Gindalbie Metals provides transaction update
Gindalbie Metals (ASX: GBG) has provided an update to shareholders on its proposed transaction with Coda Minerals. The Independent Directors do not believe that Karara will ever produce returns for Gindalbie or Gindalbie shareholders. On the other hand, the transaction announced on 11 March offers cash directly to shareholders, which delivers certainty and immediate value for your Gindalbie shares and removes the ongoing risks and uncertainties associated with Gindalbie and its investment in Karara.
On 11 March 2019, Gindalbie Metals announced a proposed transaction which, if implemented, will see the shareholders of Gindalbie dispose of their shares in Gindalbie in return for $0.026 per Gindalbie share (under the Acquisition Scheme) which is a significant cash premium and receive shares in Coda Minerals, which holds the highly prospective Mt Gunson Copper-Cobalt Project (under the Demerger).
On 24 April 2019, Gindalbie announced that the Australian Foreign Investment Review Board (“FIRB”) had approved the proposed acquisition by Ansteel of all of the ordinary shares in Gindalbie that it does not already own under the Acquisition Scheme, and that the "FIRB approval" condition under clause 3.1(f) of the Scheme Implementation Agreement between Gindalbie and Ansteel had been satisfied.
The transaction will see the Karara Iron-Ore Project (Karara) become fully owned by Ansteel, who will take responsibility for the massive debt and contingencies related to the project. According to Gindalbie’s internal financial models, Karara shares have a negative value of over -$3.5 billion.
Karara is making large annual losses and incurring negative cashflow at the operational level, is increasing its debt and has been consistently valued at nil ($0) by Gindalbie since 2014. Over the past four weeks, Gindalbie’s Board and management team has been preparing the Scheme Booklets in relation to the transaction, which we look forward to sharing with you once they have been reviewed by ASIC and approved by the Court.
These documents will contain a complete and thorough rationale for the transaction and will also include detailed reports by an independent expert on whether the Acquisition Scheme and the Demerger Scheme are each in the best interests of shareholders.
Since the transaction was announced, Gindalbie has received a lot of feedback from shareholders including shareholders who look forward to receiving the significant cash premium offered by the transaction, freeing themselves from the risks and uncertainties associated with an investment in Gindalbie, and receiving a direct investment in Coda.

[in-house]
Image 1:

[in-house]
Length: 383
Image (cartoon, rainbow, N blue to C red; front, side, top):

Shareholders also want to know more about the reasons why the Independent Directors of Gindalbie have chosen to recommend a transaction that will ultimately result in Gindalbie’s independent shareholders no longer having exposure to Karara. Those reasons will be outlined in the Scheme Booklets.
I seek to address the key themes from shareholders’ feedback in this letter.
Rationale for the Transaction
The Independent Directors do not believe that Karara will ever produce returns for Gindalbie or Gindalbie shareholders.
On the other hand, the transaction announced on 11 March offers cash directly to shareholders, which delivers certainty and immediate value for your Gindalbie shares and removes the ongoing risks and uncertainties associated with Gindalbie and its investment in Karara.
Losses, negative cashflow and debt
· Karara has made an operating loss and incurred negative cashflow in each year since it commenced operations and continues to generate operating losses.
· Karara is currently carrying over US$3.1 billion of secured debt and the Independent Directors consider it is highly unlikely that Karara will ever generate sufficient free cashflow, or profits, to allow any return to shareholders under the current financial and operating model.
· The consistent operating loss-making position resulted in the level of debt and shareholder loans in Karara increasing to $4.40 billion in 2017.
· Gindalbie has provided limited recourse guarantees to Ansteel exceeding US$3.1 billion, which are limited to the extent of Gindalbie’s shareholding in Karara, and Gindalbie has contingent liabilities of $231 million arising from bank guarantees in respect of operating contracts.
Value of Karara
We value Karara at a nil ($0) value.
We understand that some shareholders have their own opinions about this holding value, which is based on our internal financial models and reviewed by management every six months during the audit/ review process. These models indicate a negative value for Karara shares in excess of -$3.5 billion.
The Acquisition Scheme Booklet will include a valuation of Karara (by the independent expert) in the independent expert’s report. The independent directors of Gindalbie consider that it is highly unlikely, based on Gindalbie’s financial modelling, that any foreseeable increase in the iron ore price or reduction in operating costs would ever result in a return from Karara to Gindalbie or Gindalbie’s shareholders.